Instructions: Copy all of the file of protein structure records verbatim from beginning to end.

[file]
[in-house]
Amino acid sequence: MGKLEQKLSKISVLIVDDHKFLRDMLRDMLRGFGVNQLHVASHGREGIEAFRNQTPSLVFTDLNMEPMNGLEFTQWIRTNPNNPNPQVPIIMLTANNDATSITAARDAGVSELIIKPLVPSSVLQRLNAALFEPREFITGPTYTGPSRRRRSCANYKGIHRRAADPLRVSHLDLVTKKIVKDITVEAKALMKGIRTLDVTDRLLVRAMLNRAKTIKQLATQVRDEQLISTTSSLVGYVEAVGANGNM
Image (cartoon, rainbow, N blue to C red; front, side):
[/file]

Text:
[in-house]
Amino acid sequence: MGKLEQKLSKISVLIVDDHKFLRDMLRDMLRGFGVNQLHVASHGREGIEAFRNQTPSLVFTDLNMEPMNGLEFTQWIRTNPNNPNPQVPIIMLTANNDATSITAARDAGVSELIIKPLVPSSVLQRLNAALFEPREFITGPTYTGPSRRRRSCANYKGIHRRAADPLRVSHLDLVTKKIVKDITVEAKALMKGIRTLDVTDRLLVRAMLNRAKTIKQLATQVRDEQLISTTSSLVGYVEAVGANGNM
Image (cartoon, rainbow, N blue to C red; front, side):